Saturday, June 2, 2018

We Fight Each Other With The Pieces Of Our Broken Hearts (I Will Survive)

Photo: Ben McCanna, Portland Press Herald

Austerity in the form of homelessness is a particularly ugly manifestation of capitalism and especially neoliberal economic policies. 

The U.S. is a wealthy nation that lacks universal health care, affordable housing, tuition free education through college, child care, public transportation to get to said job in most areas, and a guaranteed minimum income -- all things other wealthy nations offer in exchange for taxes. It's no surprise that, without these social safety nets, a lot of people end up homeless. Some of them are addicts, and some suffer from mental illness -- and neither of those health conditions is adequately addressed by federal, state or local governments.

Many homeless men and women are veterans of U.S, imperial wars, who joined out of economic distress in an attempt to get a college education afterwards. Or maybe just a pickup truck.

So when NIMBY motivated residents in, say, Los Angeles, pitch a fit about locating temporary emergency homeless shelters in their neighborhood, they look callous and uncaring.

But the reality is that a homeless shelter can turn a neighborhood into something a homeless veteran described as worse than anything she had ever seen in the many other countries she had visited. As explained by social workers, it's the predators who move in to exploit vulnerable people who do the most to erode living conditions in the blocks around a homeless shelter or soup kitchen.

Photo: Ben McCanna, Portland Press Herald

No one who has heroin addicts congregating in their apartment's laundry room to shoot up can be blamed for objecting.

Those of us fortunate enough to own our (mortgaged) homes watch with dismay as the value of our property falls away when a homeless shelter is introduced to the area. 

These structural problems with the U.S. economy are not accidental.

When homeless people and working class homeowners are pitted against each other, the wealthy can sit back and watch the show.

I'm reminded at times like these of the Occupy Oakland revision of Gloria Gaynor's old disco hit: I Will Survive...Capitalism. The line "we fight each other with the pieces of our broken hearts" has stayed with me since I first heard it during the heady days of 2011's Occupy Wall St. movement.

While the demagogue with bad hair initiates trade wars with friend and foe alike, austerity like nothing we've seen in decades is waiting in the wings. Military spending gallops along, and state lawmakers fall all over themselves offering tax giveaways to weapons manufacturers.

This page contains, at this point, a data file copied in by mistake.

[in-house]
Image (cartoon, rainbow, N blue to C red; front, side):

Image: Suzanna Lasker

Will we make common cause and support each other, or fight it out while the wealthy continue to hoard housing, health care and higher education for their families?

My husband asked me recently what form of education I thought could possibly equip children to face the world of climate collapse and food shortages looming on their horizon. He's a grandparent but not an educator, and he's asking me because I'm a teacher struggling with the unmet needs of my high poverty school.

Learn to be flexible problem solvers and, above all, learn to cooperate and collaborate with other people.

Those are the main skills I can think of passing on for survival in the cruel new world we're passing on to the children. Who know what tomorrow will bring? Our love and intelligence are the only things we can really count on.


loveEliz said...

Exactly the right Question, and the answer is one that I have thought about for a long time. You put it very well. I see my grandchildren living in San Diego on the opposite side of the country, as I live in near the middle and some South. I have been involved with the renewal of the Poor People's Movement and am concerned with the small numbers at the rallies. On the other hand the sweet determination of the core organizers, and the growing numbers, give me hope. Last Monday, while the 23 people lay down on the rain drenched cross walk between the TN Legislative Plaza and the Capitol Building, thousands of the 45 supporters lined the sidewalk on the other side of the street waiting in a line 4 blocks long to see their oligarch of choice. Talk about fighting with pieces of our broken hearts, that is a truly graphic example.

Lisa Savage said...

As usual, Eliz, you are right on point. Thanks for the report on the Poor People's Movement in Tennessee and for your work to find hope and share it.